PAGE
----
The twentieth century has seen massive efforts to level incomes, but inequality, removed in one sphere, keeps popping up in another.  In the United States from 1973 to 1995, average real incomes rose by 36 percent, yet the comparable figure for nonsupervisory workers fell by 14 percent.  During the 1980s, all of the gains went to the top 20 percent of earners, and a mind-boggling 64 percent of the total increase went to the top 1 percent!  The ownership of shares in the United States is also heavily concentrated within a small minority of households: 5 percent of U.S. households own about 75 percent of the household sector''s equity.  A similar effect may be seen in the role of the dollar: almost 50 percent of world trade is invoiced in dollars, far above America''s 13 percent share of world exports.  And, while the dollar''s share of foreign exchange reserves is 64 percent, the ratio of American GDP to global output is just over 20 percent.  The 80/20 Principle will always reassert itself, unless conscious, consistent, and massive efforts are made and sustained to overcome it.

Why the 80/20 Principle is so Important

The reason that the 80/20 Principle is so valuable is that it is counter-intuitive.  We tend to expect that all causes will have roughly the same significance.  That all customers are equally valuable.  That every bit of business, every product, and every dollar of sales revenue is as good as any other.  That all employees in a particular category have roughly equivalent value.  That each day or week or year we spend has the same significance.  That all our friends have roughly equal value to us.  That all inquiries or phone calls should be treated in the same way.  That one university is as good as another.  That all problems have a large number of causes, so that it is not worth isolating a few key causes.  That all opportunities are of roughly equal value, so that we treat them all equally.

We tend to assume that 50 percent of causes or inputs will account for 50 percent of results or outputs.  There seems to be a natural, almost democratic, expectation that causes and results are generally equally balanced.  And, of course, sometimes they are.  But this "50/50 fallacy" is one of the most inaccurate and harmful, as well as the most deeply rooted, of our mental maps.  The 80/20 Principle asserts that when two sets of data, relating to causes and results, can be examined and analyzed, the most likely result is that there will be a pattern of imbalance.  The imbalance may be 65/35, 70/30, 75/25, 80/20, 95/5, or 99.9/0.1, or any set of numbers in between.  However, the two numbers in the comparison don''t have to add up to 100.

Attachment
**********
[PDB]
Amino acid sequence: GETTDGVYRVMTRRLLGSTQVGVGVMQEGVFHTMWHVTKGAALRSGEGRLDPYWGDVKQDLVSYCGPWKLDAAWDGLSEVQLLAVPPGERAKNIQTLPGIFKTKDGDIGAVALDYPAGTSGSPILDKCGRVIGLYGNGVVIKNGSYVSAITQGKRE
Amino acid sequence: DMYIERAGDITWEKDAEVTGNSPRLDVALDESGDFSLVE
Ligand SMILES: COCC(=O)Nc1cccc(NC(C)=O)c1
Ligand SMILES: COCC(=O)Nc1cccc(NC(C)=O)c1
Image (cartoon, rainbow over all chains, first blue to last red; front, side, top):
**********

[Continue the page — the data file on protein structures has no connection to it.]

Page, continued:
The 80/20 Principle also asserts that when we know the true relationship, we are likely to be surprised at how unbalanced it is.  Whatever the actual level of imbalance, it is likely to exceed our prior estimate.  Executives may suspect that some customers and some products are more profitable than others, but when the extent of the difference is proved, they are likely to be surprised and sometimes dumbfounded.  Teachers may know that the majority of their disciplinary troubles or most truancy arises from a minority of pupils, but if records are analyzed the extent of the imbalance will probably be larger than expected.  We may feel that some of our time is more valuable than the rest, but if we measure inputs and outputs the disparity can still stun us.